Increasing ocean acidification is a major global concern. Acidification due to anthropogenic sources can affect important shellfish such as oysters and clams, as well as other important coastal resources.
Benthic ecologist George Waldbusser studies the effect of ocean acidification on shelled animals, particularly juvenile bivalves such as hard clams. A recent study that he led in Chesapeake Bay has found that increased acidity in certain parts of the bay is reducing rates of juvenile oyster shell formation.
“In Chesapeake Bay we see large daily and seasonal changes in pH that are related to sunlight, photosynthesis and freshwater input.” However, Waldbusser added, “we should be aware that increasing atmospheric CO2 and eutrophication appears to be shifting the baseline within these other cycles.” Off the Oregon coast, seasonal upwelling also drives changes in acidity.
According to Waldbusser, acidification in the coastal ocean and estuaries is a complex process to study. “Although preliminary predictions on winners and losers in an acidified ocean have been based on shell mineralogy, we have an interesting system here in Oregon with introduced oysters that seem to be sensitive to seasonally acidified water and native oysters that appear much less sensitive to acidification. Both species have similar shell mineralogy, but different life history strategies.”
Waldbusser is leading a newly funded National Science Foundation project with an interdisciplinary Oregon State University project team including carbon biogeochemist Burke Hales, isotope geochemist Brian Haley, and shellfish physiologist Chris Langdon. Using their complementary expertise, the team has designed an incubator system to test how native and non-native oysters, clams, and mussels to the Pacific Northwest will respond to changes in the carbonate system.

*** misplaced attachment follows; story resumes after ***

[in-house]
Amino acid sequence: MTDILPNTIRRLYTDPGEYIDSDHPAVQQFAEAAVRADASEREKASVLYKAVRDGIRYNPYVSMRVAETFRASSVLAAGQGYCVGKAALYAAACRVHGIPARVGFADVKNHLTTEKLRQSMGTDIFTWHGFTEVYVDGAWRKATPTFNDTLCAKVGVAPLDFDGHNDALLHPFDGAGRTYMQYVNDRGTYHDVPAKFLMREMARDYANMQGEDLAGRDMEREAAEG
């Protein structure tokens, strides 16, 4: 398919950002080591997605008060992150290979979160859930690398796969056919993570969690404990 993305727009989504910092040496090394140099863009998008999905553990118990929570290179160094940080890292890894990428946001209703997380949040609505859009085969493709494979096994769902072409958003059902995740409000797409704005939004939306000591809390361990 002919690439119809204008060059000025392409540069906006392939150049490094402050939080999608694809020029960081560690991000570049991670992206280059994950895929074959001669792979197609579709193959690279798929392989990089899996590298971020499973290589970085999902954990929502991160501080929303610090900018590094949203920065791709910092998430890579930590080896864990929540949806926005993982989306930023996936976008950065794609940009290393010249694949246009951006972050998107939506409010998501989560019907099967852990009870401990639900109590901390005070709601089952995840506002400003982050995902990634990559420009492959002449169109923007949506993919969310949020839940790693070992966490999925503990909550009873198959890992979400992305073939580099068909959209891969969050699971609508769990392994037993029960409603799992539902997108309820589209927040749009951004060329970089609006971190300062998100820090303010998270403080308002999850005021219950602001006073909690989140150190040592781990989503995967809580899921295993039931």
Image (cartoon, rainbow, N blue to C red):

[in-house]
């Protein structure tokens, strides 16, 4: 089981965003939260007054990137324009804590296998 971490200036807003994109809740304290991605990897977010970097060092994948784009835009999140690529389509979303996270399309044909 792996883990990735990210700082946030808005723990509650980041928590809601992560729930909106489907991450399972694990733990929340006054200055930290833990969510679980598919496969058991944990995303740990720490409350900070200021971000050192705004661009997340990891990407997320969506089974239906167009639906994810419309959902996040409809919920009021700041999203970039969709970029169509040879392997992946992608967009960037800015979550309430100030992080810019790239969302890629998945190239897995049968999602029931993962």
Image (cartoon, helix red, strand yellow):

“We’ll be developing a novel experimental approach to tease apart just what component of acidifi cation is actually affecting the organism,” Waldbusser said. “For example, decreased pH may aff ect the internal acid-base balance of an organism, but the correlated decrease in calcium carbonate saturation state may also alter the stability of their mineral shells. Scientists know very little, to date, about specific modes of action triggered by acidification.”
Waldbusser is also interested in the sustainability of oyster reefs in an acidified ocean. Built from the calcium carbonate shells of many generations of oysters, oyster reefs share some similarities to coral reefs. Oyster reefs support a diversity of other organisms, are important to larval oysters in providing larvae habitat and some refuge from predators, and healthy reefs are important to biogeochemical cycling. Waldbusser has measured dissolution rates of oyster shells from Chesapeake Bay and is working to develop a better understanding of how oyster reefs may respond to changes to acidity.
Article courtesy of the College of Earth, Ocean, and Atmospheric Sciences 2010 Research Highlights
- Developing Realistic Metrics of Acidification Stress for Commercially Important Bivalves in Variable Habitats - 2012-2014 project funded by Oregon Sea Grant